Pursuant to Section 195 of the New York Labor Law, employers in New York State must notify employees, at the time of hiring, of their rates of pay and the regular pay days designated by such employers. Section 195 also requires employers to: notify their employees in advance of changes in the pay days; provide employees with pay statements listing their gross wages, deductions and net wages and upon request also explain how they computed such wages; establish, maintain and preserve for not less than three years payroll records showing the hours worked, gross wages, deductions and net wages for their employees; notify employees in writing or by publicly posting their policies on sick leave, vacation, personal leave, holidays and hours and, within five business days after termination, notify employees terminated from employment, in writing, of the date of their termination and the date that their employee benefits will be cancelled in connection with their termination.
Section 195 has been amended so that, effective October 26, 2009, employers must notify employees of their rate of pay and the regular pay day in writing at the time of hiring and also obtain a written acknowledgment from each employee of their receipt of such notice. In addition to providing the rate of pay and regular pay day to all employees, the written notice also must include the regular hourly rate and overtime rate of pay for non-exempt employees (i.e., employees who are eligible under federal and/or state wage and hour laws to receive overtime pay). The amended Section 195 also authorizes the Commissioner of the New York State Department of Labor to establish requirements for the content and form of the above-described acknowledgment—no such requirements have been established as of yet. Employers should revise their offer letter and employment agreement templates to include the information that will be required by the amended Section 195.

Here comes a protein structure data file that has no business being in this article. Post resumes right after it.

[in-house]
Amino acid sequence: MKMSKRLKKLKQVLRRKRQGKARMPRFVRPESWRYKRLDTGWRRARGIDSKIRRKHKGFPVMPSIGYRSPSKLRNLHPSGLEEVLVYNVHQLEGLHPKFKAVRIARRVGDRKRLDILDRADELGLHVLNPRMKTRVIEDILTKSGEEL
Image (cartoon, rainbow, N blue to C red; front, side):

A copy of the amended law is available here. If you need any additional information regarding any federal, state or local employee notice requirements, please do not hesitate to contact us.*
Reminder: Employers Must File 2009 EEO-1 Reports on or Before September 30, 2009
As a general matter, employers who have 100 or more employees in the United States (and employers who have fewer than 100 employees in the United States but are owned by or affiliated with another company so that the group of companies has 100 or more employees in the United States) must file the annual Employer Information Report EEO-1. Federal contractors with as few as 50 employees and federal contracts of at least US$50,000 also must file the EEO-1 Report. The EEO-1 Report is a government form filed with the US Equal Employment Opportunity Commission's EEO-1 Joint Reporting Committee to provide the federal government with information regarding the number of employees by ethnicity/race, gender and job category. Please note that the EEO-1 Joint Reporting Committee takes the position that the ultimate US parent corporation must file the EEO-1 Report on behalf of itself and all of its subsidiary holdings–the instructions for the EEO-1 Report define "parent corporation" as "any corporation which owns all or the majority stock of another corporation so that the latter relates to it as a subsidiary." The deadline for filing the 2009 EEO-1 Report is September 30, 2009. If we can assist you with the filing of the 2009 EEO-1 Report, please do not hesitate to contact us.
* As a reminder, the New York Labor Law was previously amended to require employers to set forth certain terms of employment for "commissioned salespersons" in written agreements signed by the employers and the commissioned salespersons.